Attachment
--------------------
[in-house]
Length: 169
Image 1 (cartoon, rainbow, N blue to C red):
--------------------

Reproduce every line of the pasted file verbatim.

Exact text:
[in-house]
Length: 169
Image 1 (cartoon, rainbow, N blue to C red):